In the last few weeks there was no escape from pictures showing friends and strangers from all wakes of life dumping buckets of ice-cold water on their heads. What on the surface is being marketed as a fun activity for a serious cause says in fact a lot about contemporary humanitarian sensibilities and patterns of solidarity.
It all started innocuously enough: An ex-American baseball player contracted the nerve disease amyotrophic lateral sclerosis (ALS). There is no cure for the disease, its sufferers lose control over muscle activity, become unable to move and eventually die. A brother of the baseball player came up with the Ice Bucket Challenge and encouraged other sport personalities to participate, and in mid-2014 it had become viral on social media.
For those who were on holiday and thus missed the Ice Bucket Challenge hype, the rules are as follows: Somebody within your social networks on the web summons you to dump an ice-water bucket on your head and put a video of this publicity stunt online. Alternatively, you can ‘free’ yourself from the challenge by donating a specified sum, usually 100 pounds or euros or dollars, to the ALS association (or related charities). In addition, you have to summon three other people who within 24 hours need to bite the bucket or make the donation. And so it goes on and on, from eternity to eternity, amen.
Undoubtedly, countless silly schemes can be found on the various social networking platforms, thus why did the Ice Bucket Challenge with its focus on some obscure disease rise to such prominence? Part of the answer is that a number of charity-celebrities jumped on board early on as quasi pioneers. One of them was Bill Gates, a man who is one of the biggest philanthro-capitalists of our time. From a self-designed gallows-like structure the contents of a huge ice-bucket descend like a deluge on him – watched more than 18 million times on YouTube. And in line with the majority of those who ‘accept’ the challenge, he makes a donation regardless of the fact that the ice bucket shower is to buy participants out. Thus what is there to critique about what appears to be a classical win-win situation for a good cause?
Firstly, there is the mob, or the type of peer pressure that almost amounts to blackmail. Once publicly nominated via the net, one risks being named and shamed if refusing to participate. And as any data on the net is not easily ‘forgotten’ or erased, being ‘marked’ in this way may come to haunt high-profile refuseniks. Whether you believe that contemporary diseases and suffering are far too serious for ice-bucket self-indulgence, or in line with faith-based traditions that charitable engagement should be a private act of compassion not a public display, who wants to be branded as a notorious un-charitable giver?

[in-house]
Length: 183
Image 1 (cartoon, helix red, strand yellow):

Secondly, those dynamics demonstrate that the challenge is no longer about ALS sufferers or other charitable causes, but about the self-image and success of participants. As such it is in line with what Lilie Chouliaraki calls a post-humanitarian understanding of solidarity as irony, where charitable acts are not directed at those suffering but conducted for one’s own fulfilment, fun and enjoyment.
Thirdly, performing solidarity via social media in this haphazardly fashion points to a core feature in the contemporary system of humanitarian sensibility. Aided by celebrity humanitarians and corporate philanthropy it focuses on causes with a clear moral framework and on a demand for action that poses no challenge to the lifestyle of the charitable giver. In doing so, it perpetuates global inequalities and hierarchies and distorts social and political priorities. Just to remind us, the two months of the Ice Bucket Challenge hype happened to overlap with a serious outbreak of the Ebola virus as well as with a devastating war in Gaza – among other global humanitarian and political crises.
Probably the best verdict on the Ice Bucket Challenge episode comes in the form of satire that picks up on another issue of global humanitarian concern, access to clean water: A small black boy somewhere in Africa known as Michael, the fundraising actor from a satirical video by the Africa for Norway project entitled ‘Let’s save Africa –Gone Wrong’, asks a ‘Western’ visitor: ‘So, let me get this straight: You waste clean water as a challenge, in order to avoid raising money for charity?’
Maybe once we grow tired of laughing at dripping look-alikes, the hype around the Ice Bucket Challenge can make us pause – and remind us of other forms of compassion and solidarity, shown in concrete political action or humanitarian engagement rather than voyeuristic performances. But who would bet on it?
RADI-AID, Africa for Norway: http://www.africafornorway.no/
DONATE YOUR RADIATOR – can satire challenge the international aid business?: http://www.platoscave.hcri.ac.uk/?p=204